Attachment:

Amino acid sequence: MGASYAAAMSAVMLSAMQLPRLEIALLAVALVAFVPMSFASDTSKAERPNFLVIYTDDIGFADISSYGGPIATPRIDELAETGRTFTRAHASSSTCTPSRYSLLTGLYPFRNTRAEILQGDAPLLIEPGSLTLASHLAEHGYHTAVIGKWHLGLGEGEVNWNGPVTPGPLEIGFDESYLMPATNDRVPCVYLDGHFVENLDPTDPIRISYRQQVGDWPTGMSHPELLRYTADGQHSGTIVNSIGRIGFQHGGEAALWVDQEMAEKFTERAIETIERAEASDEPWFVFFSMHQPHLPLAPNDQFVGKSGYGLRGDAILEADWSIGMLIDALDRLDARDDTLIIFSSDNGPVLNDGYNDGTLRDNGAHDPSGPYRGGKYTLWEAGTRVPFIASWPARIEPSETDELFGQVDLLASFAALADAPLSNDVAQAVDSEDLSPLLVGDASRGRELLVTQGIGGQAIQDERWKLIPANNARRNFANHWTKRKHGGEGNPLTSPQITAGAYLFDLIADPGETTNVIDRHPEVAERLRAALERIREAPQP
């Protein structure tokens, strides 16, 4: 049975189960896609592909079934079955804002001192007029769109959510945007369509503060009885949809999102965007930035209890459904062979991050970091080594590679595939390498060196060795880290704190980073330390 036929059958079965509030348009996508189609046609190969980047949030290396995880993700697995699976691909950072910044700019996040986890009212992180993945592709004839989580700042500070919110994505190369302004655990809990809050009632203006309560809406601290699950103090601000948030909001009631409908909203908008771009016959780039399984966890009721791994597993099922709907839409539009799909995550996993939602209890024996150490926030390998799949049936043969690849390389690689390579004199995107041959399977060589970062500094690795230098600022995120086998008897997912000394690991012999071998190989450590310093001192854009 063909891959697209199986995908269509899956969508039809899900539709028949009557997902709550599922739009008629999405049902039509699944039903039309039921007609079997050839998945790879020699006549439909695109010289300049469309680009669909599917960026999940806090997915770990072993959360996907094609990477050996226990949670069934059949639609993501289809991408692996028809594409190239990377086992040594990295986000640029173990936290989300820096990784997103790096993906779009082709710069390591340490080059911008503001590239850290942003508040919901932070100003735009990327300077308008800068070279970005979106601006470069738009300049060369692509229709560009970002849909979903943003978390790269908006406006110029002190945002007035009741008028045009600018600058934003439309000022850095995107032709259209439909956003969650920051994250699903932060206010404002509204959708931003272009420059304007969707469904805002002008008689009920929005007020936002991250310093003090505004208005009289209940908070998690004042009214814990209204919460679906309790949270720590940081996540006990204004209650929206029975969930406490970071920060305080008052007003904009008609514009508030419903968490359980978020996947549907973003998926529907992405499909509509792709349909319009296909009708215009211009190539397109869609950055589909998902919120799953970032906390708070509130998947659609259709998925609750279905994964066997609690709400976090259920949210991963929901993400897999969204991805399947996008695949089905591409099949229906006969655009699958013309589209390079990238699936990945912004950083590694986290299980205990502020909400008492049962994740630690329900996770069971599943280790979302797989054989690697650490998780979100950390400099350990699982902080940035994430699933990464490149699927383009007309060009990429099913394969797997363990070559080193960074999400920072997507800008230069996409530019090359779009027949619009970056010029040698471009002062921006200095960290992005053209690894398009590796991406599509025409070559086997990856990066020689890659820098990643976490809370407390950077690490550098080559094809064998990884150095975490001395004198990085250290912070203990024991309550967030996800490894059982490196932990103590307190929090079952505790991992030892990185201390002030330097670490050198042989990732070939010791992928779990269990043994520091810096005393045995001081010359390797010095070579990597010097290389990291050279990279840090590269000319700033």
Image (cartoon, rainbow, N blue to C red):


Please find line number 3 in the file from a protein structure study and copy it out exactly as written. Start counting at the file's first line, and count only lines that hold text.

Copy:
Image (cartoon, rainbow, N blue to C red):